May We Never Lose Our Sense Of Humor

I’m not a golfer. Oh, I hacked now and again, but after probably seven holes, my scorecard disappeared in some pocket. I even remember once, and please know it was a family event, golfing at midnight with fluorescent golf balls. The owner of the par-3 course was related, somehow. I remember the frustration. My two sons, Matthew and Andrew, didn’t look at it like their “why are we doing this?” bad view father. Rather, they found the hilarity.

The fact that I’m not a golfer isn’t Gary Wiren’s fault. Gary and his wife, Ione, were members of my second congregation in Eugene, Oregon, circa 1969-73. Ione loved to serve dinner, each of which was good. She had a unique style, at least to me, of recording her meals served, when, to whom and what was served. In a catalogue system. That would have been 1971 for our first dinner with the Wiren’s. About a year ago I asked Ione [she and Gary live in North Palm Beach] if she could tell me what she served the first time we were her guests. She didn’t hesitate, “Yep, if you REALLY want to know, give me a few minutes.”

I really didn’t, but couldn’t deny my interest. She knew!

Back to Gary, whom I call Wiren and to him I’m Miller.

Gary had earned his phD from the University of Oregon. Of all things, his thesis had something to do with how to drive a golf ball. Really. The Miller’s and Wiren’s became dear friends. One day after our worship, Wiren said—his candor somehow was always positive, in a way—“Miller, no one likes a pastor who’s overweight. I’ll be at your house tomorrow at 6 a.m. We’ll take a jog together.” He was serious; I wasn’t. Still, we jogged, which was more popular than riding bikes. That’s saying something.

Wiren did offer to teach me golf lessons. I thanked him but lamely said I didn’t have that kind of time. Fortunately, he didn’t say how often I drifted the McKenzie River in my new drift boat. Hey, a friendship is a friendship.

Well, I now know declining Wiren’s offer was a mistake. He’s in the Professional Golfers Hall of Fame and the Professional Golf Teacher’s Hall of Fame.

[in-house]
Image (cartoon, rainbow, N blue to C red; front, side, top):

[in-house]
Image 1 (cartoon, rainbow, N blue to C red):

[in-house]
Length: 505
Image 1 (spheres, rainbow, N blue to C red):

There‘s a more important point to all this, so stick with me. Wiren and I are not on the same political page. He’s the golf pro for Trump Golf Clubs. I’m not. Yet, we honor our differences. I so respect him. And yesterday, in a letter to all his clients, he sent the following note. I laughed and laughed, making it clear, may we NEVER lose our humanity, our values and our sense of humor. That’s all this blog is about, to celebrate my wonderful friendship with Wiren, no matter our differences. And to know we should never lose our sense of humor. And, I bet. Were I in North Palm Beach for a dinner with Ione and Wiren, with such skill, Ione would serve me the same pork roast she featured in our first Eugene dinner.

Time for some humor:



“I’m not saying my golf game went bad, but if I grew tomatoes they’d come up sliced.” Lee Trevino

“My wife always said she wanted to marry a millionaire. Well, she made me a millionaire…..I used to be a multimillionaire.”
Chi Chi Rodriguez

“In thirty years, we’re going to be in our nineties We’re going to play three-hole tournaments for $900,000 and the one who remembers his score wins.” Bob Brue, on the Senior Tour

“I would rather play Hamlet with no rehearsal than play golf on television.” Jack Lemmon, Hollywood actor

“One of the advantages of bowling over golf is that you seldom lose a bowling ball.” Don Carter, Bowling Hall of Famer

“I can airmail my drives. But sometimes I don’t get the right zip code.” Jim Dent, One of the PGA Tour’s longest hitters

“My game is bad I have to hire three caddies —-one to walk the left rough, one for the right rough, and one down the middle. And the one in the middle doesn’t have much to do.” Dave Hill, PGA Tour


Jack Nicklaus’s pro career certainly didn’t get off to the most auspicious start. His first paycheck for finishing
tied for fiftieth at the 1962 L.A. Open was only $33.33.


About Mark H Miller

Diane and I live in Leander, Texas. This past June 17, 2015 I celebrated the 49th anniversary of my ordination. We returned to Texas after three years in Washington, during which I served as interim minister in Bellevue/Eastgate and Mercer Island. Am planning to begin a 5th novel that will have my protagonist, Tricia Gleason, serve a year in licensed ministry in Snoqualmie, Washington. The novel, "The Lemon Drop Didn't Melt," will find Tricia wrestling with ministry challenges. None of which more daunting than someone wanting her breathing to stop. All the published novels are available on Amazon and Amazon Kindle under Mark Henry Miller. A primary goal in our return to Texas is to make sure grandchildren get lots of attention--here and in Chicago and Washington, D.C. Traveling is definitely an activity that will not slow down. With that, of course, fishing will happen. To that the t-shirt is apt, "I fish; therefore I am." In addition to novels, the book of Blogs, "Voice Of My Heart," is also available on Amazon.
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